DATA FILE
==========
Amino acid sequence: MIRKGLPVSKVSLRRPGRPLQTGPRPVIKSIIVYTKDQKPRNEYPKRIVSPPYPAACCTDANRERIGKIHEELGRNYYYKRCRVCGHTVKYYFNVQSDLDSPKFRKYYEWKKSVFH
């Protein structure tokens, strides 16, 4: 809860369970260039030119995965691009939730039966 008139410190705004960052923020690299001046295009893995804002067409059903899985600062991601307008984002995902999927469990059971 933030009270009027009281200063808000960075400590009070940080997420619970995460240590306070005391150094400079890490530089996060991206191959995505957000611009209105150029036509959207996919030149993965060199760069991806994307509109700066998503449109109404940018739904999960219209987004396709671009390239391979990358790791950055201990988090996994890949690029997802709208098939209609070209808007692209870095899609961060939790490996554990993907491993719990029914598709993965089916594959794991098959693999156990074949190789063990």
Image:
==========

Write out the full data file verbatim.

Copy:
Amino acid sequence: MIRKGLPVSKVSLRRPGRPLQTGPRPVIKSIIVYTKDQKPRNEYPKRIVSPPYPAACCTDANRERIGKIHEELGRNYYYKRCRVCGHTVKYYFNVQSDLDSPKFRKYYEWKKSVFH
């Protein structure tokens, strides 16, 4: 809860369970260039030119995965691009939730039966 008139410190705004960052923020690299001046295009893995804002067409059903899985600062991601307008984002995902999927469990059971 933030009270009027009281200063808000960075400590009070940080997420619970995460240590306070005391150094400079890490530089996060991206191959995505957000611009209105150029036509959207996919030149993965060199760069991806994307509109700066998503449109109404940018739904999960219209987004396709671009390239391979990358790791950055201990988090996994890949690029997802709208098939209609070209808007692209870095899609961060939790490996554990993907491993719990029914598709993965089916594959794991098959693999156990074949190789063990």
Image: